Peter Wallison has a piece in the Atlantic that explains the basic policy error that led to the housing bubble and the subsequent financial crisis. Barney Frank has been trying to evade his share of responsibility for the problem. He has been telling people that a failure of bank regulation is the source of the problem. In fact, it is the opposite. Banks were obliged by regulators to offer mortgages to people who were not credit worthy. This was an attempt by politicians like Frank to respond to ACORN and similar activists who complained that poor people and minorities had a hard time buying houses.
His most successful effort was to impose what were called “affordable housing” requirements on Fannie Mae and Freddie Mac in 1992. Before that time, these two government sponsored enterprises (GSEs) had been required to buy only mortgages that institutional investors would buy–in other words, prime mortgages–but Frank and others thought these standards made it too difficult for low income borrowers to buy homes. The affordable housing law required Fannie and Freddie to meet government quotas when they bought loans from banks and other mortgage originators.
The GSEs, like Fannie and Freddie, were required to buy these subprime loans. The bankers, and mortgage brokers like Countrywide, responded by shifting the business plan of lenders from buying and servicing mortgages to selling mortgages and then flipping the loans to a third party who bundled them into the notorious “mortgage backed securities” that sank the economy. I have bought several homes over my lifetime, the first in 1969. Each time, I was required to document my ability to repay the loan and make a 20% or greater down payment. In fact, I sold my first home in 1973 when I moved to Orange County for the same price I had paid for it, thus losing my equity to the selling agent’s commission. Appreciation of housing prices did not start until inflation took off in 1976 with Carter’s election. By 1978, my house in Orange County had tripled in value. Even so, when I bought another house in 1979, I had to document my income and pay 20% down.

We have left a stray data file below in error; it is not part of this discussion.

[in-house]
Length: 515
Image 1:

These requirements had disappeared by 2003 and mortgage brokers were making good incomes by processing loans they would not service and which they cared little about long term solvency of the buyer. It wasn’t their problem.
By 2000, Fannie was offering no-downpayment loans. By 2002, Fannie and Freddie had bought well over $1 trillion of subprime and other low quality loans. Fannie and Freddie were by far the largest part of this effort, but the FHA, Federal Home Loan Banks, Veterans Administration and other agencies–all under congressional and HUD pressure–followed suit. This continued through the 1990s and 2000s until the housing bubble–created by all this government-backed spending–collapsed in 2007. As a result, in 2008, before the mortgage meltdown that triggered the crisis, there were 27 million subprime and other low quality mortgages in the US financial system. That was half of all mortgages. Of these, over 70% (19.2 million) were on the books of government agencies like Fannie and Freddie, so there is no doubt that the government created the demand for these weak loans; less than 30% (7.8 million) were held or distributed by the banks, which profited from the opportunity created by the government.